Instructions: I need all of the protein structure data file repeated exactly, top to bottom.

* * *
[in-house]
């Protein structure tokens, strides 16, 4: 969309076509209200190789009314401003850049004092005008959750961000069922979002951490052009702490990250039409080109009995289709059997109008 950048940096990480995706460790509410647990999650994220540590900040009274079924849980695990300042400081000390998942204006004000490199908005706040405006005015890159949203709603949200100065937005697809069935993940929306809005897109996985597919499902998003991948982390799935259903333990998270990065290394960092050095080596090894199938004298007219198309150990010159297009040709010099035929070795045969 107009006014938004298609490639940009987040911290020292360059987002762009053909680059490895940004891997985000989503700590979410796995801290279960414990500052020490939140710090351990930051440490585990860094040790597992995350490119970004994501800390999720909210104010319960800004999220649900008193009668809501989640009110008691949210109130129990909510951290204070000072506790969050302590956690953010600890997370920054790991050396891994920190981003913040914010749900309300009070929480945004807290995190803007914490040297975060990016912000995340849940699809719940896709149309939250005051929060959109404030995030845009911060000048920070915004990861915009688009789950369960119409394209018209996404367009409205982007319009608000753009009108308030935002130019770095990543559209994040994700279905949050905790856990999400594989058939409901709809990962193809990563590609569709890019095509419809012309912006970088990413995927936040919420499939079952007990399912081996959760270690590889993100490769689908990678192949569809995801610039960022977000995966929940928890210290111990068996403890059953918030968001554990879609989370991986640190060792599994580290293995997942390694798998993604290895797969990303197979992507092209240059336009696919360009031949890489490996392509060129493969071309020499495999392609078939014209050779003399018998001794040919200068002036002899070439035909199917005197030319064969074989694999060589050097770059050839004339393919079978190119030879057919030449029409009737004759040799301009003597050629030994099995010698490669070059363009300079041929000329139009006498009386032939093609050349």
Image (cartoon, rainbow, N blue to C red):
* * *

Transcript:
[in-house]
């Protein structure tokens, strides 16, 4: 969309076509209200190789009314401003850049004092005008959750961000069922979002951490052009702490990250039409080109009995289709059997109008 950048940096990480995706460790509410647990999650994220540590900040009274079924849980695990300042400081000390998942204006004000490199908005706040405006005015890159949203709603949200100065937005697809069935993940929306809005897109996985597919499902998003991948982390799935259903333990998270990065290394960092050095080596090894199938004298007219198309150990010159297009040709010099035929070795045969 107009006014938004298609490639940009987040911290020292360059987002762009053909680059490895940004891997985000989503700590979410796995801290279960414990500052020490939140710090351990930051440490585990860094040790597992995350490119970004994501800390999720909210104010319960800004999220649900008193009668809501989640009110008691949210109130129990909510951290204070000072506790969050302590956690953010600890997370920054790991050396891994920190981003913040914010749900309300009070929480945004807290995190803007914490040297975060990016912000995340849940699809719940896709149309939250005051929060959109404030995030845009911060000048920070915004990861915009688009789950369960119409394209018209996404367009409205982007319009608000753009009108308030935002130019770095990543559209994040994700279905949050905790856990999400594989058939409901709809990962193809990563590609569709890019095509419809012309912006970088990413995927936040919420499939079952007990399912081996959760270690590889993100490769689908990678192949569809995801610039960022977000995966929940928890210290111990068996403890059953918030968001554990879609989370991986640190060792599994580290293995997942390694798998993604290895797969990303197979992507092209240059336009696919360009031949890489490996392509060129493969071309020499495999392609078939014209050779003399018998001794040919200068002036002899070439035909199917005197030319064969074989694999060589050097770059050839004339393919079978190119030879057919030449029409009737004759040799301009003597050629030994099995010698490669070059363009300079041929000329139009006498009386032939093609050349």
Image (cartoon, rainbow, N blue to C red):